A Studio Apartment for Two Men and Three-Dogs


Isaac Mahone and Marcus Arnett, who lived in San Antonio, visited New York often. After you visit the city, Mr. Mahone said, “that’s where you want to live.”

The men, both 34, met as students at the University of Texas at San Antonio. This past summer Mr. Mahone landed a job in Hoboken, N.J., as a transaction coordinator for a real estate company, and they jumped at the chance to relocate. Mr. Arnett, who is employed in the member-relations department of a financial services company, arranged to work from home.

They put the San Antonio house, which had belonged to Mr. Arnett’s grandmother, on the market. It was small, but it had a yard. The house, in the Highland Park neighborhood, sold for around $107,000.

For their three dogs, all husky mixes, the couple needed an ultra-pet-friendly building, preferably with outdoor space. They preferred a Midtown or downtown Manhattan location so Mr. Mahone could easily reach his Hoboken office via subway and PATH train.

Their budget for a rental apartment was around $2,500 a month. “We knew we were pretty limited,” Mr. Mahone said. “We knew New York was expensive. We didn’t want to blow all our money on rent.”

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MANHATTAN The prospective renters, visiting a building on East 32nd Street, thought the area was too commercial.

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Jonah Markowitz for The New York Times

The couple, who were married earlier this year, were in close touch with a Citi Habitats salesman who became ill just as they were flying up for an apartment-hunting trip. So the agent referred them to a colleague, Lex Wang, also a salesman there.

“We were very clear that we had three dogs and we knew it was going to be difficult,” Mr. Mahone said. The dogs — Glinda, Elphaba and Fiyero — have names from “Wicked,” one of the couple’s favorite musicals.

They began the hunt at a Hell’s Kitchen walk-up, climbing several flights of stairs to find a small one-bedroom that did not appear to have been renovated, ever. “It was becoming a quick reality check,” Mr. Mahone said. “This is what we were getting.”

Mr. Arnett didn’t mind a place that was “rough around the edges,” he said. So what if the floor was badly gouged. “We could make it look good. You can cover stuff up.”

They moved on, to see a one-bedroom on East 32nd Street. But they could not get in. Another unit in the same building was dark and unprepossessing. The area was not inviting. “It was in the middle of a bunch of tall buildings,” Mr. Wang said. “It was not really a neighborhood.”

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DOWNTOWN BROOKLYN The couple liked City Tower, a brand-new high-rise. But they were not sure three dogs would be welcome.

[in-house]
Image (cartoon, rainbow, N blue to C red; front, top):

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Jonah Markowitz for The New York Times

They headed to a 1961 brick building in Midtown East, near the entrance ramp to the Queensboro Bridge. There they saw an alcove studio on the ground floor with a private fenced patio.

“The building is really dog-friendly,” Mr. Wang said. “We saw, like, four dogs walking out while we were there.”

The couple were surprised how suitable the place was. The rent was $2,700 a month. “It was more than our original budget but within the comfort zone,” Mr. Arnett said.

They had one more place to check out, the new City Tower in Downtown Brooklyn, near an assortment of subway lines. A Brooklyn-to-Hoboken route was doable, but it wasn’t clear whether all three dogs would be allowed. With apartments renting quickly, they didn’t want to wait to find out and in the meantime lose the studio with the patio.

Their paperwork was ready. “Getting an apartment is like applying for a home loan,” Mr. Arnett said. “You have to have this whole package together, which is not like anything you have in Texas.”

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MANHATTAN At a doorman building in Midtown, an alcove studio on the ground floor with a patio pleased men and dogs.

Credit
Jonah Markowitz for The New York Times

So they rented the studio in Midtown East and arrived in early fall, paying an extra dog deposit and a broker fee of 15 percent of a year’s rent, or $4,860.

“If you up your budget a little bit, the rent isn’t going to be that much more and you can get what you are looking for,” Mr. Mahone said.

City life is all they thought it would be, punctuated by endless varieties of food. “We’ve tried not to repeat restaurants,” Mr. Arnett said. He appreciates lunchtime delivery. “I use GrubHub,” he said. “It’s not like I’m ordering from McDonald’s every day.”

Working from home, he tends the dogs. Fiyero, the largest, likes to lie outside when it’s chilly. “It will be interesting when the snow comes how they react, because we didn’t have that in Texas,” Mr. Mahone said. They have had to train the dogs not to howl at sirens.

During rush hour, the honking from bridge traffic is constant. Some of the traffic officers are entertaining, shouting at motorists. “Often, it’s ‘Come on,’ ‘Hurry up,’ or ‘What are you doing?’ ” Mr. Arnett said.

The neighborhood has plenty of small dogs but few large ones. In Texas, the most frequent comment was, “What a pretty dog.” In New York, people are more impressed by the size of the animals.

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